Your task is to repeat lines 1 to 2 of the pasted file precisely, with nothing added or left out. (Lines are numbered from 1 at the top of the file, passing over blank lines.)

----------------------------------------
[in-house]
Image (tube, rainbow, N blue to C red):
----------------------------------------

[in-house]
Image (tube, rainbow, N blue to C red):